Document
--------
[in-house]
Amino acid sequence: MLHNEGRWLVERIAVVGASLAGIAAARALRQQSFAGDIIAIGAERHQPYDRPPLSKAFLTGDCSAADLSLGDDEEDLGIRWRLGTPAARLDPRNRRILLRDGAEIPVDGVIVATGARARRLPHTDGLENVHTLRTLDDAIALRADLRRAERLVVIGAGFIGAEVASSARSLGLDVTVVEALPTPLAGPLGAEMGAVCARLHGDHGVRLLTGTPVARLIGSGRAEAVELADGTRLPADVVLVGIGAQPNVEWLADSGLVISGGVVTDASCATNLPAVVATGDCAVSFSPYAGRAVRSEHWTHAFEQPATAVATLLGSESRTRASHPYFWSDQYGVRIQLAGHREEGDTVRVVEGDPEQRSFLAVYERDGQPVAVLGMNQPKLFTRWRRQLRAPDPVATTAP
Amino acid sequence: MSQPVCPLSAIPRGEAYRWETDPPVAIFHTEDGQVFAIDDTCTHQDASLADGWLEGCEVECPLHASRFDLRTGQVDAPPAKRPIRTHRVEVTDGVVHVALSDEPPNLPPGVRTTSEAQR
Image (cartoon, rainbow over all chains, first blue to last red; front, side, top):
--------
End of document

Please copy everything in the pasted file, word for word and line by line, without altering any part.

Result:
[in-house]
Amino acid sequence: MLHNEGRWLVERIAVVGASLAGIAAARALRQQSFAGDIIAIGAERHQPYDRPPLSKAFLTGDCSAADLSLGDDEEDLGIRWRLGTPAARLDPRNRRILLRDGAEIPVDGVIVATGARARRLPHTDGLENVHTLRTLDDAIALRADLRRAERLVVIGAGFIGAEVASSARSLGLDVTVVEALPTPLAGPLGAEMGAVCARLHGDHGVRLLTGTPVARLIGSGRAEAVELADGTRLPADVVLVGIGAQPNVEWLADSGLVISGGVVTDASCATNLPAVVATGDCAVSFSPYAGRAVRSEHWTHAFEQPATAVATLLGSESRTRASHPYFWSDQYGVRIQLAGHREEGDTVRVVEGDPEQRSFLAVYERDGQPVAVLGMNQPKLFTRWRRQLRAPDPVATTAP
Amino acid sequence: MSQPVCPLSAIPRGEAYRWETDPPVAIFHTEDGQVFAIDDTCTHQDASLADGWLEGCEVECPLHASRFDLRTGQVDAPPAKRPIRTHRVEVTDGVVHVALSDEPPNLPPGVRTTSEAQR
Image (cartoon, rainbow over all chains, first blue to last red; front, side, top):